On Tuesday, July 15th, I attended a night of historical storytelling at O’Connors Bar in Salthill, Galway. The storytelling was a fireside chat given by Brian Nolan, who went through Ireland’s history from pre-Celtic times to the 20th century in less than an hour. The bar is filled to the brim with antiques and collectibles as props mentioned during the chat. The central antique that was repeatedly mentioned was a coal hearth fireplace, to stress the idea that in Irish culture the fire was a central part of domestic life and symbolized the continuation of life over generations. With this in mind, it is worth noting that culturally speaking the fire was never supposed to go out, since that would mean the end of life in the household.
Aside from the hearth fireplace, the visitors to O’Connors Bar can find miniature statues of herding dogs that represent the importance of family tradition and they are also symbols of Irish immigration during the 19th century. Speaking of immigration, next to the bar, on a wall hangs a portrait of John F. Kennedy, the 35th president of the United States and a descendant of Irish immigrants. To highlight the historical and socio-political connection between the United States and Ireland, Nolan recited the opening sentences of Kennedy’s Ireland address that he gave in Galway, Ireland in 1963, two month before his assassination. The speech was given to shows America’s support to Ireland with regard to its projects of industrial development during the 60’s.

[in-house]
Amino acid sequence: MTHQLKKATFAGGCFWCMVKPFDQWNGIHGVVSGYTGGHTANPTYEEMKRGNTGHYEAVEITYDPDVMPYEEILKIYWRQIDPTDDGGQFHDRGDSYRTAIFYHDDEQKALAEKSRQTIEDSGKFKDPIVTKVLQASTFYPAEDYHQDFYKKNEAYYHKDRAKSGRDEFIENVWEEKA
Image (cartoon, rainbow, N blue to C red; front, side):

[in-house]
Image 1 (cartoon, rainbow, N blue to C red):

Coming back to O’Connors Bar, it is important to mention that O’Connors of Salthill, Galway was established in 1845, opened as a bar in 1942 by Thomas O’Connor, and it’s currently run by the third generation of the O’Connor family. This was definitely a great cultural event, but at the end of the night, I made sure to ask Brian Nolan a question relating to a book that I found in the Special Collection of NUIG Library titled, ‘A town tormented by the sea’: GALWAY, 1790-1914 by John Cunningham. I asked Nolan what he could tell me about the history of Galway from the point of view of the aim of the book. He told me that he hadn’t read book but inferring from the tittle he could say that Galway had and has a love/hate relationship with the sea. From my own reading of the book which I took a look at the library, I can say that the author begins his exploration of Galway’s history by putting epigraphs at the beginning of every chapter. In Chapter 1, ‘The whole place is practically a ruin…’, Cunningham uses an epigraph that is exemplary of the difficult life on the sea of Galway’s people.
The poem is as follows:
I know a town tormented by the sea
And there time goes slow
That the people see it flow
And watch it drowsily
And growing older, hour by hour, they say.
‘Please God to-morrow!
Then he will work and play’
And their tall houses crumble away.
This town is eaten through with memory
Of pride and thick Spanish gold and wine
And of the great come and go…
Mary Devenport O’Neil, from ‘Galway’,
Prometheus, London 1929
The poem highlights the pleasure and pain that Galway received and receives because of the sea. However, the livelihood of the city today not only depends on fishing, but also on water related tourism.